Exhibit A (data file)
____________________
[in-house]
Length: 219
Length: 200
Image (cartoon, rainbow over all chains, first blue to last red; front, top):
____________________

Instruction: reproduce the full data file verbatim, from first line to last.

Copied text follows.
[in-house]
Length: 219
Length: 200
Image (cartoon, rainbow over all chains, first blue to last red; front, top):